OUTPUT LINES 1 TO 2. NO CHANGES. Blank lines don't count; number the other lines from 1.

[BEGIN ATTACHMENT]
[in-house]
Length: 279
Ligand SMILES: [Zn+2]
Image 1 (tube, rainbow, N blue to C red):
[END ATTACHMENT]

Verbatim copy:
[in-house]
Length: 279